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Custody: It's Gonna Be Alright, Daddy.

About a month ago, I was called in to help on a divorce case that was going very badly, at least badly for daddy's custody/visitation requests.

Within the context of the divorce, the mother had accused Daddy of sexually abusing his five year old daughter. The case was caught in limbo in the court system.  This case was not in Atlanta, Fulton County where there are regular status conferences so that the parties see the judge often, nor in Marietta, Cobb County where, when one party asks for a hearing, they usually have it within a month, but in another county where scheduling has become a four letter word. Because of this, daddy had not seen his daughter in more than nine months.  

There was no order preventing him from seeing the child, just a very hostile mother who had done much and might to much more to prevent any contact.

This hearing was just to set a date for the trial.  Daddy was there and Mommy was there.  And for some reason, Mommy brought the child.

I'm no fan of child abusers.  Not only is there probably a special place reserved in hell for their ilk, I'm in favor of there being a special place reserved under the prison for them, too.  But not every person accused of abuse has committed abuse.  The claim of abuse is a nasty weapon which can be wielded by nasty people to accomplish dishonorable ends in custody cases.  In this case, prior to the divorce, Mommy had never claimed abuse.  The child had never made an outcry.  No doctor or therapist had seen the child, so none were prepared to support Mommy's specious contention.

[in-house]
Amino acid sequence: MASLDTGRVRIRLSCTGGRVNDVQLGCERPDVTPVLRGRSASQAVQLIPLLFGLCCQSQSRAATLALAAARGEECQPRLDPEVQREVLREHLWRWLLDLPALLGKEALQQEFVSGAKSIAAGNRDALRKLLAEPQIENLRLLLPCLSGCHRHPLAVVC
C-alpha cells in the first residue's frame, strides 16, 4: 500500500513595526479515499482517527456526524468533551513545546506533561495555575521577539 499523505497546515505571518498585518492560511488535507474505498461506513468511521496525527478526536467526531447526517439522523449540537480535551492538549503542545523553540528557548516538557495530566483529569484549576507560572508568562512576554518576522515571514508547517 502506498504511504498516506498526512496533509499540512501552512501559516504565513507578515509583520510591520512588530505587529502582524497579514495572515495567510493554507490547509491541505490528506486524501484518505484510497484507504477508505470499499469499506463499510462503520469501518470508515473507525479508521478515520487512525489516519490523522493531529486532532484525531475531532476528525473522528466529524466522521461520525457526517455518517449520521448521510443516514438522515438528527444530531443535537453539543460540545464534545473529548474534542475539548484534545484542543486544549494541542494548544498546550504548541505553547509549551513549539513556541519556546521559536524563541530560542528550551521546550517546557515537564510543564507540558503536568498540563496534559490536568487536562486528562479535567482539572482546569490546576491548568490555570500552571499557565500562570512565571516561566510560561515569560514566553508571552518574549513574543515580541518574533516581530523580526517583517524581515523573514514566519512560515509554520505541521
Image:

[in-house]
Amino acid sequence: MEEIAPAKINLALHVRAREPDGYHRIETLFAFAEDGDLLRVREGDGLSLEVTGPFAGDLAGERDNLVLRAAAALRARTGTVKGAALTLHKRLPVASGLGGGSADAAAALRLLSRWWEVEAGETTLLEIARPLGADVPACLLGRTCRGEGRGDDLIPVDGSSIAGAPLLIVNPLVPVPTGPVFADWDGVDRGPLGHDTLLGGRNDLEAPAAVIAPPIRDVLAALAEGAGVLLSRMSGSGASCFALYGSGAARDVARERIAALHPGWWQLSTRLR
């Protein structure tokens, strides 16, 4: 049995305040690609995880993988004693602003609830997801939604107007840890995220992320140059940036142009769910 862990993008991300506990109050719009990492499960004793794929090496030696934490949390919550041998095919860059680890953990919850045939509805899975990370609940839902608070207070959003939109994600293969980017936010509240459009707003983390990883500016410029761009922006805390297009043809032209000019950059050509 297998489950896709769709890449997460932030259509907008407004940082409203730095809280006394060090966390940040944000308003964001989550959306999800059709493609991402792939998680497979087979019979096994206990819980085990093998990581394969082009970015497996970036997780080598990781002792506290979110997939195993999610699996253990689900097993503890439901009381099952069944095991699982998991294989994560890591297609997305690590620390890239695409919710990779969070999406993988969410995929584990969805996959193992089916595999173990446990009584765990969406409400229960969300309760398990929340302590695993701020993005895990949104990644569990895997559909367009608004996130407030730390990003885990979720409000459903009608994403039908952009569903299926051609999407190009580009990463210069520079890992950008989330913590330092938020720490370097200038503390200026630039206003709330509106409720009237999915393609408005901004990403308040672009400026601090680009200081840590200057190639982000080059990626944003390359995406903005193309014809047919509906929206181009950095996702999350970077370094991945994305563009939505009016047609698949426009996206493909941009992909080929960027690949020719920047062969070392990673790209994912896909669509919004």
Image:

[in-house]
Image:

The Judge called the case.  Opposing counsel argued that it wasn't ready for trial.  I argued that it was, since it was over nine months old, and that it cried out for prompt resolution.  I informed the Judge that Daddy had been deprived of his daughter, and daughter of her daddy, for those nine months.  The Judge agreed that the case required prompt resolution and set it down for her first available October.

As we left the court room, Daddy, his other attorney and I talked about what to expect next.  Mommy came out, dragging daughter behind her.  As they headed down the hallway, daughter pulled back from her mom and turned toward Daddy. She gave him a smile and a pinky waive.  Daddy smiled and waived back.

Suddenly, daughter broke away, running down the hallway and springing up into her father's arms.  He enveloped her in a big bear hug, lifing her off the ground, tears now streaming down his face.  "It's gonna be alright, Daddy," the little girl consoled him.  "It's gonna be alright."

He hugged her a minute longer as a very angry mother scowled, then set his daughter down and watched her walk away.

As I said, there is probably a special place in hell reserved for child abusers.  I hope that right next door is a special place reserved for people who falsely cry abuse. 

I'll do my part to make that a reality at trial, even if it is not until October.

Michael Manely

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